Canada has a lauded history with regards to multiculturalism, first introducing bicultural legislation in the 1960s that provided for two official languages, English and French. Since then other bills have been passed to increase the cultural understanding of the Dominion of Canada.
The immigration concept of assimilation is much more popular worldwide and Canada is the only country in the world that considers it to be fully multicultural. Assimilation is when immigrants are expected to fully change their identity to match the new culture they have entered. Multiculturalism allows immigrants to maintain their own distinct cultures separated from the culture of Canada.
The Holocaust is a terrible event and there should be some form of award for people who teach it correctly. The only way to avoid such a horrendous crime against humanity again is to ensure that no one will forget the tragedy.
This award also stands to support and encourage the Canadian education system, which is already considered one of the foremost in the world.
Education is highly valued in Canada, and it should be mentioned that Permanent Residents are allowed to study wherever they choose within the country, yet another benefit of Permanent Residence.
Permanent Residents of Canada maintain the right to live and work anywhere within the country, but did you know that you can travel outside of Canada too?
In fact, that’s a huge benefit of having an up-to-date Permanent Resident Card and you should always check its expiration date before you intend to go abroad.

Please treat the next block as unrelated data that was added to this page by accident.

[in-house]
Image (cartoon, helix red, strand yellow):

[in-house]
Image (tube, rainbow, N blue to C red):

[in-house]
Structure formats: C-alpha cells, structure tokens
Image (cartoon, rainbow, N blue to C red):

Immigration Direct offers help in renewing or replacing your Permanent Resident Card any time. We can even help you get your very first PR Card.
When travelling abroad from Canada it is a very wise idea to be prepared for your trip. Just as you remember to pack your toothbrush and an extra pair of socks, you should also read up about your destination. If you are visiting family, it is likely that you already know the lay of the land, but if you are unfamiliar with the area, be sure to check out travel.gc.ca.
The Canadian government’s travel page has information about every country in the world. You can click on their interactive tabs to access information about:
- Advisories. General information about the state of the country. Often countries are rated on a scale from “exercise normal precaution” to “exercise a high degree of caution” to “Avoid travel”, in some cases.
- Security. Information about what kind of crimes may be perpetrated in that country and how to avoid that kind of trouble.
- Entry/Exit Requirements. Do you need a visa? Some other document? Find out here.
- Health. This section will describe what the healthcare system will be like in this country and how to receive healthcare.
- Laws and Culture. The laws of a particular country may be very different from those in Canada, even in North America.
- Disasters and Climate. Be sure you’re wearing shorts and sandals when you go to Australia in January and don’t be surprised when it’s summer!
Citizenship and Immigration Canada, otherwise known as the CIC, is the department of the Canadian government responsible for immigration matters of every stripe.
Immigration Direct can help you get your Permanent Resident Card or apply for citizenship, but you might just be curious about the governmental immigration body in Canada. There are many gems of information hidden within the CIC’s website.